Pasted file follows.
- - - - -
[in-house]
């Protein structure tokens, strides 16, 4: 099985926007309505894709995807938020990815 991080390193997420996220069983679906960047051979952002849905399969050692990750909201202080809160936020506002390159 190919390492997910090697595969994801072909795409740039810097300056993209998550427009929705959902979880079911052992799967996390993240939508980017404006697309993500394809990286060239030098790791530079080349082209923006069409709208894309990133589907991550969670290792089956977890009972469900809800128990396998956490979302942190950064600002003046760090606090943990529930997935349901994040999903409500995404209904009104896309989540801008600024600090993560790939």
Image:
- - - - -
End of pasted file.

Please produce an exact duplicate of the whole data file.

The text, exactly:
[in-house]
């Protein structure tokens, strides 16, 4: 099985926007309505894709995807938020990815 991080390193997420996220069983679906960047051979952002849905399969050692990750909201202080809160936020506002390159 190919390492997910090697595969994801072909795409740039810097300056993209998550427009929705959902979880079911052992799967996390993240939508980017404006697309993500394809990286060239030098790791530079080349082209923006069409709208894309990133589907991550969670290792089956977890009972469900809800128990396998956490979302942190950064600002003046760090606090943990529930997935349901994040999903409500995404209904009104896309989540801008600024600090993560790939």
Image: